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EXCLUSIVE: He’s 19. He’s Republican. And He’s Running for State Senator.

July 27, 2018 By Staff
EXCLUSIVE: He’s 19. He’s Republican. And He’s Running for State Senator.

Why Tyler Flanigan thinks he has the right stuff – and, yes, the right experience – to be the youngest state senator in Connecticut.

Tyler Flanigan is 19 years old. Most 19-year-olds are working through college classes, spending summer vacation interning or working menial jobs, and enjoying the occasional keg party.

Flanigan is spending his summer, and his fall, he hopes, running for a position in Connecticut’s 36-member state senate.

Reclaim Connecticut caught up with Flanigan earlier this week on his unlikely campaign.

NO NEWCOMER

Flanigan’s campaign bio acknowledges his youth.

“Tyler Flanigan may be 19, but he’s no newcomer to politics, thanks to his tenacious drive, and his family name,” his bio begins.

But he talks as if he’s ready for a political primetime.

“I got involved in politics at the age of 14,” Flanigan said. For those keeping score, that’s the year 2013.

“For awhile I didn’t really like politics,” Flanigan told Reclaim Connecticut, citing the “backstabbing that went on in politics, just a way a lot of the people operated.”

But then he got his “call-up,” working for State Rep. David Vieira (R-Fairmouth) in Massachusetts and focusing on the opioid epidemic.

Since then, he’s tried “to branch out and learn as much as I could.”

That included a speechwriting gig in Oklahoma, an analyst position in Idaho on real estate policy, and, of course, plenty of campaigns.

“I worked on federal campaigns in Connecticut, I worked for a couple congressional candidates, a couple U.S. Senate candidates,” Flanigan said. “Why I chose to run is I had all this experience.”

“I LOVE CONNECTICUT”

Despite his work for a number of different states, Flanigan sounds ready to settle down and give back to Connecticut.

“I love Connecticut,” Flanigan said. “I’ve never had that young rebellion where I wanted to move to California or Florida or something.”

“I think the two extremes of the age bracket are getting squeezed,” Flanigan added. “I want to give everyone a shot, and we keep kicking the can down the road.”

TAXES, TOLLS

Flanigan has a good grasp for the issues, better than some might expect from a 19-year-old.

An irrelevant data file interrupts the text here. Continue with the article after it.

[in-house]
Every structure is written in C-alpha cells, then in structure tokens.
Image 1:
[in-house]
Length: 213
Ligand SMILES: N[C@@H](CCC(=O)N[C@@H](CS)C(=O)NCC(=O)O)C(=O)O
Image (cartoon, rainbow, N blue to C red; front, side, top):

When asked what the top issues in the ninth state senate district, Flanigan spoke at length.

“I think it’ll be the mix of economy and tolls,” Flanigan said.

Flanigan’s top priority in the state senate would be “cutting taxes for hardworking families and fighting tolls,” he said.

“Tony Guerrera’s running for this seat,” Flanigan said, referencing the powerful House Democrat looking to replace outgoing State Sen. Paul Doyle (D-Wethersfield). “I hate it to break it to Tony, but tolls are essentially a mileage tax when you look at it.”

“It’s really a tax,” Flanigan said, of tolls. “Seventy-five percent of the people who are gonna pay for the tolls are Connecticut residents.”

Transportation, Flanigan said, “isn’t a revenue problem, this is a spending problem.”

“I refuse to accept the idea that we need tolls, we need more revenue,” Flanigan concluded, “We just need to spend smarter.”

EXPERIENCE, NOT AGE

One criticism opponents will lob at Flanigan is that, at 19, he’s not ready to be a state senator. Flanigan dismisses those critiques, arguing that maturity comes with “experience, not age.”

“I’m by far the most experienced Republican candidate in this race,” Flanigan said. “I’ve found a great balance between experience and youth.”

“This is a generational election,” Flanigan argued, and “I think we need a new generation of leadership.”

He acknowledges his candidacy “is unique, and it is different.”

“But that’s what we need in Connecticut, is unique and different.”